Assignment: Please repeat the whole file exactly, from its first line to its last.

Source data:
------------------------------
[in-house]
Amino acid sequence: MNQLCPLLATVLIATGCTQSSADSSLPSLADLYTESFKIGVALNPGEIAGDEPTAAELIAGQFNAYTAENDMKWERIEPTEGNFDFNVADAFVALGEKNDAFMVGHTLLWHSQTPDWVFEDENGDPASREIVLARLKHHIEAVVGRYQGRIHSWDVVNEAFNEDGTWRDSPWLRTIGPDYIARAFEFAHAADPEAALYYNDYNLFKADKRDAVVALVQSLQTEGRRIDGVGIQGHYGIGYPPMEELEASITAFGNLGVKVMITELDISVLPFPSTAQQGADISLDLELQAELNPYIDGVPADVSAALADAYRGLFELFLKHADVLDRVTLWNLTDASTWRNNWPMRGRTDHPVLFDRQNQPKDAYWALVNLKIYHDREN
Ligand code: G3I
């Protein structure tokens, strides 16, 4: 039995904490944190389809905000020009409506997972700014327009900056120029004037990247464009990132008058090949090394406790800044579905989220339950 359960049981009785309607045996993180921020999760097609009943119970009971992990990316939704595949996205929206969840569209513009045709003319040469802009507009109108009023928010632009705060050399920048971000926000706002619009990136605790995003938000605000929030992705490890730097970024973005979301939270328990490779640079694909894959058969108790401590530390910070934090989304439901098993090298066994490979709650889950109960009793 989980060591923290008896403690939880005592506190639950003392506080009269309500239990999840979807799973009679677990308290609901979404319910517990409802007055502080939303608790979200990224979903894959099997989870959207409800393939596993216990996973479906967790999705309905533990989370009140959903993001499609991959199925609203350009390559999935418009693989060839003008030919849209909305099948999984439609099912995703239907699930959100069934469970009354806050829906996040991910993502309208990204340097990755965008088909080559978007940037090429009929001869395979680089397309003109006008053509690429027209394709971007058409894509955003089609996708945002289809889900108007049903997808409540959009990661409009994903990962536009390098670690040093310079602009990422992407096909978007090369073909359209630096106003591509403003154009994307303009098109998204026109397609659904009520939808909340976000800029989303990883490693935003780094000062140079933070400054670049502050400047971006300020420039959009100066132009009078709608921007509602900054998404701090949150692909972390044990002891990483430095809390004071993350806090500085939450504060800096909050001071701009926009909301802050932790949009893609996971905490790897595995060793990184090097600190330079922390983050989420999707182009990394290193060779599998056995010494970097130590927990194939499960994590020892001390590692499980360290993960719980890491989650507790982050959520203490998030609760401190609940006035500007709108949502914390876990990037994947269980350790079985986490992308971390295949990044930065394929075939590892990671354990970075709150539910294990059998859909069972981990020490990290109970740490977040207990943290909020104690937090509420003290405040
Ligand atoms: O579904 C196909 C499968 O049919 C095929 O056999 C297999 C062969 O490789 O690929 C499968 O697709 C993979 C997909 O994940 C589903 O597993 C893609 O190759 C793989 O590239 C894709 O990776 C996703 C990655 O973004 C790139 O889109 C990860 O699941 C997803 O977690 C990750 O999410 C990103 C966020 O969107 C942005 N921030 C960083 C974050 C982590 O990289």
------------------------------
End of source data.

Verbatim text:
[in-house]
Amino acid sequence: MNQLCPLLATVLIATGCTQSSADSSLPSLADLYTESFKIGVALNPGEIAGDEPTAAELIAGQFNAYTAENDMKWERIEPTEGNFDFNVADAFVALGEKNDAFMVGHTLLWHSQTPDWVFEDENGDPASREIVLARLKHHIEAVVGRYQGRIHSWDVVNEAFNEDGTWRDSPWLRTIGPDYIARAFEFAHAADPEAALYYNDYNLFKADKRDAVVALVQSLQTEGRRIDGVGIQGHYGIGYPPMEELEASITAFGNLGVKVMITELDISVLPFPSTAQQGADISLDLELQAELNPYIDGVPADVSAALADAYRGLFELFLKHADVLDRVTLWNLTDASTWRNNWPMRGRTDHPVLFDRQNQPKDAYWALVNLKIYHDREN
Ligand code: G3I
């Protein structure tokens, strides 16, 4: 039995904490944190389809905000020009409506997972700014327009900056120029004037990247464009990132008058090949090394406790800044579905989220339950 359960049981009785309607045996993180921020999760097609009943119970009971992990990316939704595949996205929206969840569209513009045709003319040469802009507009109108009023928010632009705060050399920048971000926000706002619009990136605790995003938000605000929030992705490890730097970024973005979301939270328990490779640079694909894959058969108790401590530390910070934090989304439901098993090298066994490979709650889950109960009793 989980060591923290008896403690939880005592506190639950003392506080009269309500239990999840979807799973009679677990308290609901979404319910517990409802007055502080939303608790979200990224979903894959099997989870959207409800393939596993216990996973479906967790999705309905533990989370009140959903993001499609991959199925609203350009390559999935418009693989060839003008030919849209909305099948999984439609099912995703239907699930959100069934469970009354806050829906996040991910993502309208990204340097990755965008088909080559978007940037090429009929001869395979680089397309003109006008053509690429027209394709971007058409894509955003089609996708945002289809889900108007049903997808409540959009990661409009994903990962536009390098670690040093310079602009990422992407096909978007090369073909359209630096106003591509403003154009994307303009098109998204026109397609659904009520939808909340976000800029989303990883490693935003780094000062140079933070400054670049502050400047971006300020420039959009100066132009009078709608921007509602900054998404701090949150692909972390044990002891990483430095809390004071993350806090500085939450504060800096909050001071701009926009909301802050932790949009893609996971905490790897595995060793990184090097600190330079922390983050989420999707182009990394290193060779599998056995010494970097130590927990194939499960994590020892001390590692499980360290993960719980890491989650507790982050959520203490998030609760401190609940006035500007709108949502914390876990990037994947269980350790079985986490992308971390295949990044930065394929075939590892990671354990970075709150539910294990059998859909069972981990020490990290109970740490977040207990943290909020104690937090509420003290405040
Ligand atoms: O579904 C196909 C499968 O049919 C095929 O056999 C297999 C062969 O490789 O690929 C499968 O697709 C993979 C997909 O994940 C589903 O597993 C893609 O190759 C793989 O590239 C894709 O990776 C996703 C990655 O973004 C790139 O889109 C990860 O699941 C997803 O977690 C990750 O999410 C990103 C966020 O969107 C942005 N921030 C960083 C974050 C982590 O990289």